A Chaplin Symphony
A Chaplin Symphony
Chamber Orchestra (2018)
Premiere: 20 July 2018 / Dunlop Pavilion / Wintergreen Music Festival Orchestra / Erin Freeman
Instrumentation: (I=picc).1(II=corA).11(=bcl).1-0.0.0.0-perc(1)-2vln.vla.vlc.cb or standard symphony orchestra
Dedication: to Erin Freeman
This is a rental work only. Rental and Licensing is handled through Burning Sled Music.
A Chaplin Symphony draws to a close my three-part exploration and celebration of the work of Charlie Chaplin, American film-maker and actor. Part One consisted of my second piano concerto, which underscored and counterpointed Chaplin’s film, The Tramp. The second was Chaplin Suite, which was both a score to Chaplin’s delightful film A Dog’s Life and a concert suite. The final score of the trilogy is A Chaplin Symphony, which serves as both a companion in live performance to Chaplin’s City Lights and as a concert symphony. Taken together, the three works are designed to be a complete evening at the symphony … or the movies: a suite, a concerto, an interval, and a symphony as second half.
I have conceived these three works as able to stand alone in concert without the films being shown. A collaborative pianist is an equal partner to her singer. Likewise, there’s no reason that music and image cannot intimately fuel one another (my opera Orson Rehearsed consists of a score that interlocks with three simultaneously-shown ninety minute films, for example) without either being of secondary importance. The traditional narratives of Chaplin’s films themselves are widely known and, in the event, not needful of recapitulation here. The concert works have their own narratives that in their way comment upon the films’ through-stories and are tethered to them in various ways—whether by overt commentary, or by mindful disconnection. Chaplin was himself a composer of great gifts; his own scores for his films are available and still licensed by the Chaplin Estate for live performance. The films are in the public domain in the United States and may be shown Stateside with my scores. In any event, my music is intended to stand alone without Chaplin’s films, just as Chaplin’s films stand alone from his own scores.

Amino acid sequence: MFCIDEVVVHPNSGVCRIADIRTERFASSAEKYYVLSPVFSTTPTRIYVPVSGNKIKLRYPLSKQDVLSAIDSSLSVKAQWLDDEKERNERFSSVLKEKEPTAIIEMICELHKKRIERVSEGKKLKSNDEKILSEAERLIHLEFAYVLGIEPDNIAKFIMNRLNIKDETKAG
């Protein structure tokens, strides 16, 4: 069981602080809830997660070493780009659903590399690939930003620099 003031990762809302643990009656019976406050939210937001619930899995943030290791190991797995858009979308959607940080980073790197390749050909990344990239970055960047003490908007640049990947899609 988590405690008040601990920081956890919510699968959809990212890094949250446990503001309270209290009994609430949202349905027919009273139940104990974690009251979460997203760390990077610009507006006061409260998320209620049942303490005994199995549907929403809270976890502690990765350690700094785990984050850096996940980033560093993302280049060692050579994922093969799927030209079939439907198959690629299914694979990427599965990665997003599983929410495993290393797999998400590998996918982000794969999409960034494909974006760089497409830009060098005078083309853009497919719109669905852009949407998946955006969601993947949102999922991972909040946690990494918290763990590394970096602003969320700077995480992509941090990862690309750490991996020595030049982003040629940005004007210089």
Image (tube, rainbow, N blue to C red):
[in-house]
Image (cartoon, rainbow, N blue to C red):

A Chaplin Symphony exists in three movements, and consists of several themes and motives developed and intertwined in the fashion beloved of every working opera composer—there’s a tender pavane for the Flower Girl, of course; a bittersweet shuffle for the Tramp, a sexy, dissolute tango for the Plutocrat, and so forth. But the interplay of musical ideas is more akin to the way Strauss manipulated the ideas in the Symphonia Domestica. As Strauss wove in themes from his earlier works to provide context, autobiographical clues, and narrative depth, I wove together the strands of themes from the previous two Chaplin scores, as well as other themes from my oeuvre.